Outsiders Radio: Episode #12
AIR DATE: JAN 2016
Hey everybody, it’s Eric Church back for the TWELTH episode of “Outsiders Radio”, which means we’ve been doing this for a year on Sirius XM The Highway. We sit here in January… it’s wintertime in Nashville. I’ve been spending my time here and in North Carolina, getting in some down time before we start back up. They dragged me off a mountain for the National Championship game… which was a very cool experience. It’s really easy for me being a football fan to go to something like that, to talk football. We played the tailgate party, and watched a great game… I guess that depends on your perspective, but I had a good time either way. As I returned I couldn’t help being hit hard with the news that both David Bowie and Glenn Frey have moved on to the great beyond within days of each other. Both so young. And it seems like we lost a lot of great ones over the last year, so I thought I would dig into some of these artists… I don’t want this show to be a bummer, but rather a celebration of some people who dedicated themselves to bringing us some of the greatest art of all time. I know they meant a lot to me and I know the meant a lot to other artists and just people in general. And great art moves us all forward… let’s go…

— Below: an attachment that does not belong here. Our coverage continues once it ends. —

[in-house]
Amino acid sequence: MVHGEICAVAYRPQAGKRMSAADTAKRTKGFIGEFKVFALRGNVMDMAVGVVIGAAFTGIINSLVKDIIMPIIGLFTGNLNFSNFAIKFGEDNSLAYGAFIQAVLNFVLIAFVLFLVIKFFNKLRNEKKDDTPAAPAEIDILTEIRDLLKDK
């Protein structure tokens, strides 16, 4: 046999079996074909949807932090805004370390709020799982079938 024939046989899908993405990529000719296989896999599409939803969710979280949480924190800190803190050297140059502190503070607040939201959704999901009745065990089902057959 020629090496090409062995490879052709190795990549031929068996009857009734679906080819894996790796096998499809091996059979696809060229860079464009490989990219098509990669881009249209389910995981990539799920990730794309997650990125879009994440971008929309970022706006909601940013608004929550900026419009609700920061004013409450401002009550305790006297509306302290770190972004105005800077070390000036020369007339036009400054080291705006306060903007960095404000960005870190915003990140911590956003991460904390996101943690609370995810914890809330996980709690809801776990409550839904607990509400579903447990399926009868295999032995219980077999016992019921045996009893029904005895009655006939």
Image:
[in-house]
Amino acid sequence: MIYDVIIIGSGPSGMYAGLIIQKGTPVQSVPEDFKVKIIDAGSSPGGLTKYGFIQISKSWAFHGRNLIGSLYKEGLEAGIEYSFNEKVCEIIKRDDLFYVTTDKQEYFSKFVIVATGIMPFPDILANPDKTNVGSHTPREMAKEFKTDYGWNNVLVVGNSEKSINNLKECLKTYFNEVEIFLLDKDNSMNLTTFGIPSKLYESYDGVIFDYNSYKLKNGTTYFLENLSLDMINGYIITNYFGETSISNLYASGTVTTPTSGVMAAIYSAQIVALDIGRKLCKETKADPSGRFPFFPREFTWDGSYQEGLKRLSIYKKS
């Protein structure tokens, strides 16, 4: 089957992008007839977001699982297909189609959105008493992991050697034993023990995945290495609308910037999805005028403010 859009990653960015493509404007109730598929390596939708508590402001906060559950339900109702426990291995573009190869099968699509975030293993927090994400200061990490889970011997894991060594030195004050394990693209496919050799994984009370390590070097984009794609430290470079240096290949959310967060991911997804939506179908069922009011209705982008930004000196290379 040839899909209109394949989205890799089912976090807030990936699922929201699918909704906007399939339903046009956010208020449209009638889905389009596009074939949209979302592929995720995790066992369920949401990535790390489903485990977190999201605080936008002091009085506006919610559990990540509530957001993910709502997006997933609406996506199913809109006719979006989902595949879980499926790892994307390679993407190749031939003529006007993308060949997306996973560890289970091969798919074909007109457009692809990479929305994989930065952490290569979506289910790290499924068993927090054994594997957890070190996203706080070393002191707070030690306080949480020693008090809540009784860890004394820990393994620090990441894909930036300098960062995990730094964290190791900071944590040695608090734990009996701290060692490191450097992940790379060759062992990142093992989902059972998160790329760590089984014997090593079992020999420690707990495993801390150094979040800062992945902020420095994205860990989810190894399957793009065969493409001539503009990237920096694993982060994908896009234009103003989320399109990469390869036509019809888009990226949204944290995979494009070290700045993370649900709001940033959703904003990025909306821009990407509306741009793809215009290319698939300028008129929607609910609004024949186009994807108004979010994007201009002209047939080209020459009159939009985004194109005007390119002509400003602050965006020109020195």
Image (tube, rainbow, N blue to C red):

“Take it Easy” 3:32 – Eagles – Eagles
“Heartache Tonight” 4:26 – Eagles – The Long Run
Glenn Frey on lead vocals with the band he co-founded with Don Henley. First, on a song he co-wrote with his then neighbor, Jackson Browne, “Take It Easy”. Glenn said he only wrote one line…but… what a line… “such a fine site to see, it’s a girl my Lord in a flat bed Ford slowing down to take a look at me…”. Glenn, I don’t care if that’s the only line you ever write. You should get credit for all the songs, for that line alone. It was the Eagles first single, released May 1st, 1972. Looking back it is hard to believe that it peaked at #12. You’ve heard me talk many times that it’s not about how high a song goes on the chart, but it’s about what it meant to the people. There’s a difference between hits and copyrights. And that is a copyright. The second tune, that’s “Heartache Tonight”, is off the album The Long Run, which Glenn wrote with Henley, J.D. Souther and Bob Seger. The story goes that J.D. and Glenn wrote the first verse listening to Sam Cooke songs, and then in the heart of jamming, Glenn called Seger on the phone and sang him the first verse.. Seger immediately blurted out the chorus… gotta love songwriting!
Next up are a couple tunes that run deep in our musical heritage. Songs that will never, never be forgotten.
“Stand By Me” 3:00 – Ben E. King – Don’t Play That Song
“When A Man Loves A Woman” 2:54 – Percy Sledge – When A Man Loves a Woman
We’re back after two more classics. The first was “Stand By Me” by the great Ben E. King. King wrote that with Jerry Leiber and Mike Stoller. Originally the song was pitched to The Drifters, but they passed, so Ben recorded it himself. There are over 400 recorded versions of that song. Amazing…and it was passed on. And then we played “When A Man Loves A Woman” by Percy Sledge, another great we lost in the past year. That track was recorded in Muscle Shoals, Alabama in 1966. In fact, it was the first number one hit to come out of Muscle Shoals… you guys know Muscle Shoals… Aretha, Wilson Pickett, Otis Redding, The Stones, Dylan…and that was the first #1. Speaking of rock and roll, and the roots of rock and roll, we also lost a couple of hard rockers this year. Let’s hear from them…